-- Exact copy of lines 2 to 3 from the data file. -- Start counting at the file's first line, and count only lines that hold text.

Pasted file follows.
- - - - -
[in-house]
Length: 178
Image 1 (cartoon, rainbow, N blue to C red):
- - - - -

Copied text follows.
Length: 178
Image 1 (cartoon, rainbow, N blue to C red):